Smoking is valued nowadays not only for preserving food, but also as a distinct set of flavours that can reflect the landscape of the region. Pyrolysis, the thermochemical decomposition of organic matter, breaks apart the three main components of wood: cellulose, hemicellulose and lignin.
Each influences the colour, flavour, preservation and surface texture of the food – this information is summarized in Figure 4 below. Controlling pyrolysis is the key know-how involved in good smoking. Overall, for best results the wood moisture should be lower then 25% and its combustion temperature around 400°C.
“Smoking is one of the oldest food preservation methods, probably having arisen shortly after the development of cooking with fire.” (Encyclopedia Brittanica)
Most articles I have read for this research have started with the same statement. Humanity has used this technique for so long, it seems rather strange to try to explain it – but that is our job. All chefs know one has to understand a product or technique in order to make the most out of it. We use some scientific knowledge to enhance the desired, latent characteristics of a product, with the goal of better understanding how traditional knowledge could have been cultivated in a geographic area. And smoking is a great example.
The food history of the Nordic countries is particularly characterised by a ‘storage economy’ – a concept applicable to most parts of the world with seasons, here emphasised by the extreme climate. Most processes that we study -– drying, salting, smoking, fermenting, and others – were indispensable in these conditions. By increasing heat and lowering humidity, smoking enabled food to dry up more quickly, preserving it for long periods of time.
In the past decades, the taste for salted, dried and fermented food has shifted toward fresher food, gravlax being a good example. The taste for smoked products, however, has remained. Smoking is now not only important for preserving food, it is a valued flavor that can reflect the landscape of the region. Smoking in time and place depends on many things: the seasonal fish available, the smoking technique and temperature used – for cold smoking, the temperature drops the further north you go – and most importantly, the type of wood.
Trees are part of the landscape before they become an essential component of the product’s taste. Alder trees growing in humid areas have been used along the west coastline of Norway and on the island of Bornholm in the Baltic; birch is a typical flavor from mountainous zones; dried manure is still used in the windy and harsh Icelandic land since trees and shrubs are in short supply; this list could go on. Understanding these traditions allows us to think of other flavors that could emerge from a specific land as we come to know it. Gaining a deeper understanding of wood pyrolysis and the science of smoke will also help us in our choices.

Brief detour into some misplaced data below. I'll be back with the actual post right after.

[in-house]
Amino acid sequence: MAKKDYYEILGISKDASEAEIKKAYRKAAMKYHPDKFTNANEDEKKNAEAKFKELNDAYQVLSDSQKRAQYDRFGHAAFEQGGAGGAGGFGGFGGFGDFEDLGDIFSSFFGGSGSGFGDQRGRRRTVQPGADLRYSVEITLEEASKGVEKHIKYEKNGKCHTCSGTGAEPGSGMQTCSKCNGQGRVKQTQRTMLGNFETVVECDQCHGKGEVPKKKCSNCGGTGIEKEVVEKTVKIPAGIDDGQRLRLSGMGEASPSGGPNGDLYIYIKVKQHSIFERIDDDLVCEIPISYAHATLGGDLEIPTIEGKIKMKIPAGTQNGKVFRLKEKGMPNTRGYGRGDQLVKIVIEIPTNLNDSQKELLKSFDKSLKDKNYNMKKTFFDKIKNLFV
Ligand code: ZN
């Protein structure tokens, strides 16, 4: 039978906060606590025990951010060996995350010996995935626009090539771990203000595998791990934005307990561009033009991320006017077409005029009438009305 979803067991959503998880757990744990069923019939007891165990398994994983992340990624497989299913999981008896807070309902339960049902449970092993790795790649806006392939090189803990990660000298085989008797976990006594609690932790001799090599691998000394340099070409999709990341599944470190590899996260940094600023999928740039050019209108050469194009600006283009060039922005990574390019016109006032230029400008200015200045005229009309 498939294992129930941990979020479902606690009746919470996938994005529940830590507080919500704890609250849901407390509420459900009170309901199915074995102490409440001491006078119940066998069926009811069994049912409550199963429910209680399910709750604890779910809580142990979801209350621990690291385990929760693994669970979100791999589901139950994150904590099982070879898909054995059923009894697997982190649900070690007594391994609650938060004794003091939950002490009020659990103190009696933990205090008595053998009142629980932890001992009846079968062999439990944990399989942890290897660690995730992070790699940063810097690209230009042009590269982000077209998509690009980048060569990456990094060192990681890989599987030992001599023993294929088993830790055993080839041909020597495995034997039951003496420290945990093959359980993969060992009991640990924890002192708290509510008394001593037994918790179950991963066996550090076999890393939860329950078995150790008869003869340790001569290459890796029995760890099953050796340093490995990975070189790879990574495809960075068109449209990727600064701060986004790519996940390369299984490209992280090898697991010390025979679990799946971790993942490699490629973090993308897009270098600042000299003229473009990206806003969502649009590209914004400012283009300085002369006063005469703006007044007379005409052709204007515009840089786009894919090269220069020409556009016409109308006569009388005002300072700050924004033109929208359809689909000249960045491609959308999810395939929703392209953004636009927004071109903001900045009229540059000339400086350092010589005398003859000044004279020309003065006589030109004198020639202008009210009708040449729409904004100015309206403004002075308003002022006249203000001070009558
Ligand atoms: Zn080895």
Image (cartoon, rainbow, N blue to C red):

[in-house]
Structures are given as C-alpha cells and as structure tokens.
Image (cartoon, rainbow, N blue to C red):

Smoke is not a simple gas. It is a mixture of three state of matter: an aerosol of solid particles, liquid drops and vaporized chemicals. These vaporized chemicals only count for 10% of the volume but do more then 90% of the job. And as you might have guessed, the composition of the smoke depends on the nature of the burning fuel and the conditions of combustion.
Pyrolysis is a thermochemical decomposition of organic matter brought about by high temperatures. To produce quality smoke the wood should undergo an incomplete combustion of organic materials in the presence of limited oxygen and medium temperature.
Wood consists of three primary materials. The wood’s cell wall is composed of micro-fibrils of cellulose (40 to 50%) and hemicellulose (15 to 25%) impregnated with lignin (15 to 30%).
Figure 1 – Wood composition
Cellulose is a carbohydrate polymer – a linear chain of D-glucose (between 15 to 15000) which forms the framework and the substance of all plant cell walls.
Figure 2 – Cellulose
Hemicellulose is a matrix of polysaccharides present along cellulose is almost all plant walls. It differs from cellulose in that hemicellulose is a shorter chain branched polymer with low molecular weight. While cellulose is composed only of glucose, hemicellulose can include other sugars like xylose, mannose (both found predominantly in hardwood trees), galactose (in softwood trees), rhamnose and arabinose. Though both aggregates of different sugars, cellulose and hemicellulose break down into similar molecules during the incomplete combustion.
Figure 3 – Hemicellulose
Lignin provides compressional strength to the cell wall, unlike the flexible strength conferred by cellulose. Without lignin, terrestrial plants probably could not have reached the sizes they do today, as cellulose by itself does not provide enough resistance to gravity. It is made of intricately interlocked phenolic molecules – essentially rings of carbon atoms with various additional chemical group attached – and its one of the most complex known natural substances. The higher the lignin content of wood, the harder it is and the hotter it burns: its combustion releases 50% more heat than cellulose.
The sugar in cellulose and hemicellulose breaks apart into many of the same molecules found in caramel. They are carbonyl molecules that react with amino acids and sugars to create a Maillard-type reaction that generates new flavours and yellow to dark brown color. During pyrolysis, sweet maltitols, bread-like aroma from furans, nutty lactones, and other volatile molecules are produced. All together they soften the heavy phenolic compounds.